3-year-old urban gardening

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Description

This video shows the occupation of urban gardening, the meaning of it for mother and son and how it impacts the development of skills in a 3-year-old-boy. Although he has learned to speak English in the past few months, there are a few Dutch words mentioned, which are clarified in the transcription.

Transcription/Translation
This is a narrative of a 3-year-old boy and his mom, living in the Netherlands, who are engaging in the occupation ‘urban gardening’. We live in a large city called Almere, which is 25 kilometers away from Amsterdam, the capital of the Netherlands. Kai: Look. Mom: looks really pretty huh? What color has it? Kai: Red Mom: Shall I help you? Oh there you go. Well done! Kai: I got it! Mom: How many strawberries do you got? Kai: Two! Gardening has been known to promote health and well-being, for us it is also a great way of bonding and connecting as a mother and son. It has become a part of our daily routine. Taking care of the garden and the plants, monitoring the growth of our fruits and veggies and of course eat them as soon as it’s ripe. Hey Kai, what have you grown there? I have a pepper. Mom: A pepper, what color is it? Kai: It’s red and it’s hot. Mom: Is it hot? You can ‘brand’ (burn) your ‘mond’ (mouth) Mom laughs: you have fire in your mouth? No, but this is a bell pepper you know. Mom: But we also have Spanish peppers, chilies. Kai: Yeah! This activity supports the development of motor skills, cognitive skills, social-emotional skills and communication. For example, knowing how you can harvest raspberries without damaging them, you need to see and feel when they are ready to eat, you need to dose your strength and you need to use your hand in a way to take the raspberries from the branch without hurting yourself with the thorns of the bush. Regarding social-emotional skills, it is also dealing with frustration if things are not going the way you expected, being able to communicate your wishes and needs and negotiating and dividing tasks. Being able to do things independently is also promoting self-esteem and trust in oneself. Kai: Look! Mom: Look? Is there another one? Kai: Yes! Mom: No, that’s not ready yet. As a parent, I am learning a lot about my child and how he is managing tasks, I provide him with the right challenges to see how he is developing new skills. Also, he learns that we need to use our problem-solving skills to overcome issues such as the extreme heat and drought this year or how to deal with insects and birds in a non-harmful way. Every day after dinner we take care of our garden, it’s a very relaxing and mindful way of finishing the day for my son, getting your hands dirty before taking a bath and then going to bed. Kai: What is that? Mom: Come, we are going to… …cut it (Kai is breathing heavily) Mom: Only the stem of the pepper. Mom: Yeah, try it again. Mom: Ohhh, good job! Kai: Yeah! Mom: Ok Kai, we also have… Kai: Blueberries! Mom: Blueberries, but we also have… what is this? Kai: Raspberries! Mom: Raspberries (different pronunciation) Kai: No, raspberries! Mom: Do you think this is okay to eat? Kai: Yes, it is yellow, just as my bucket. Mom: Oooh it’s yellow just as your bucket from the tractor? Kai: Yeah! Mom: Okay come on let’s take this. We hope you enjoyed our short video and hope to see other narratives of children and parents developing meaningful occupations together.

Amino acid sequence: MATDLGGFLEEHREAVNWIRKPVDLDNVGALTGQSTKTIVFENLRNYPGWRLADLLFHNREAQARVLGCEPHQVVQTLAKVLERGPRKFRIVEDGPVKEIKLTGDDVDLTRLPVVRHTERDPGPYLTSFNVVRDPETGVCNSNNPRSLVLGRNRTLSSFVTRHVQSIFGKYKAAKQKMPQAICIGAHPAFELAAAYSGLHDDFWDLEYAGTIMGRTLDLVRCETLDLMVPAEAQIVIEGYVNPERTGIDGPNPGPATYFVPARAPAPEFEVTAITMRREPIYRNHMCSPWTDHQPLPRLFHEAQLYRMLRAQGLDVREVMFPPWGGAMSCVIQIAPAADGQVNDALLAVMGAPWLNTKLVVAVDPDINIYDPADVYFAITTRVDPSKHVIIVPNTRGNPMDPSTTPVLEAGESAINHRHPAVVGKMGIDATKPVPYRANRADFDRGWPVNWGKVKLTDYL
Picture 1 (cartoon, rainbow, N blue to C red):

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Video: 3-year-old urban gardening
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